Summer pests and diseases

Hornworm on a tomato plant.
Photo Pam Dawling

It’s August, which for us is the peak time for pest insects as well as for fungal diseases.

This year, we have been collecting Japanese beetles from our okra plants, to prevent the leaves getting stripped off. It seems to be working. Many plants can take 30% defoliation without a loss of yield, but some years, our okra plants end up as just a bunch of stalks, and you know that means almost no photosynthesis can happen. Japanese beetles are one of the insects that have an aggregation pheromone, so those commercial traps are not only gathering up your own Japanese beetles, but also attracting neighbors’ beetles. Sometimes this means no net improvement, as the newcomers eat crops before going into the trap.

Another bad summer pest here is the Harlequin bug, a brightly colored stink bug. We try to have July be “No Visible Brassicas Month” aiming to disrupt their lifecycle. We use insect netting over the fall brassica seedlings we sow in June, and we clear our spring brassicas before the end of June. In July and July we use netting over any new brassica transplants, and sowings of turnips. During August we remove netting from older transplants and sowings, on to newer ones, such as kale and collards.

Leaf-footed bug, one of the stink bugs. Photo Kati Falger

Here’s a link to an article on Stink Bug Identification and Management in Vegetables, from the Alabama IPN Communicator Newsletter. Read More

I wrote about squash bugs and cucumber beetles on our hoophouse squash in June.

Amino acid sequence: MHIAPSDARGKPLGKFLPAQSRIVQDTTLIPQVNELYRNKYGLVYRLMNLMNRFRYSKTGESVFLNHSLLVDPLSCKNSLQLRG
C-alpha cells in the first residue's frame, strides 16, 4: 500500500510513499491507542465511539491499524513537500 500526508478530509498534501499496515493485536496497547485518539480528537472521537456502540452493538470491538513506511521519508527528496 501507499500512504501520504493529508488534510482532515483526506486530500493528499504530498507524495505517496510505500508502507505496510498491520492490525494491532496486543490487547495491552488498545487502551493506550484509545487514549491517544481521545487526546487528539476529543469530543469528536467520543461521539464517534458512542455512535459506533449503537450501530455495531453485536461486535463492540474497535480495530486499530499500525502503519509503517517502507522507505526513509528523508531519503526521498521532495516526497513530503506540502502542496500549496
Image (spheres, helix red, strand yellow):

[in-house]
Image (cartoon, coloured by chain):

Squash bug nymphs and eggs
Photo Pam Dawling

Margaret Roach at A Way to Garden has a good post on distinguishing between the tobacco and the tomato hornworm.

The tobacco hornworms, Manduca sexta, is close cousins with the tomato hornworm,

Both species eat Solanaceous crops (nightshades) such as tobacco, tomato, peppers, eggplant and potatoes. The differences are in the stripes and the horns.

We have tobacco hornworms (this land was a tobacco farm before Twin Oaks bought it 51 years ago. This year, for the first time, we haven’t had any hornworms in the hoophouse. We’ve pulled up our tomato plants in there – we only grow the earlies in there, as it’s plenty warm enough to grow tomatoes outdoors here from May to October. I might be celebrating too soon – we still have a bed of peppers in the hoophouse and I think I might have seen evidence of a hornworm at work, although I could not find the culprit yesterday.

Tomato plant badly damaged by hornworm
Photo Pam Dawling

Pictures of Tomato Spotted Wilt Virus and other tomato diseases

We’re always a bit anxious that TSWV might show up one day, but luckily it hasn’t. Meanwhile we forget what it looks like. Here’s a few photos on the Cornell Vegetable MD Online site.

And here’s a good collection of tomato disease photos on the You Should grow site.

Spotty tomato leaves. I think this is Septoria Leaf Spot.
Photo Pam Dawling

All the news is not bad! Here’s a satisfying photo:

Hornworm mother Hawk Moth trapped by a zipper spider.
Photo Pam Dawling

Zipper spider.
Photo Wren Vile

 

Time to watch for pests

The season is warming up and insect pests are jumping into action. Here’s some old foes and some new ones to watch out for, and some friends too.

Gray garden slugs, Deroceras reticulatum, with chewing damage and slime trails on leaves.
Photo UC IPM

Slugs and Snails

We have very few snails, and compared to some other places I’ve lived, few slugs. But the slugs we do have really like the hoophouse. I found two this morning on the cucumber plants. (It was an overcast morning – they don’t like high temperatures.) My reaction was to flip them onto the path and stomp on them. We rarely have to take stronger action. If we do, we sink shallow plastic dishes into the soil, with the rim at soil level and fill the dishes with a dilute version of beer or soda, or sugary water. I don’t know if it has to be fermenting to be attractive to slugs, but any sugary liquid in our hoophouse warmth is going to start fermenting after a day. If numbers are really high and damage is extensive, we need to hunt the slugs down. Do this at dusk or later, with a headlamp and either a pair of scissors or a bucket of soapy water.

There is a good blog post by Joe Kemble on the Alabama Commercial Horticulture website: